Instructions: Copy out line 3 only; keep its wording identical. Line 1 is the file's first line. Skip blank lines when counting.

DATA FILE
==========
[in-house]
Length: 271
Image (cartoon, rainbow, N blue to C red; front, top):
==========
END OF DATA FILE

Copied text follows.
Image (cartoon, rainbow, N blue to C red; front, top):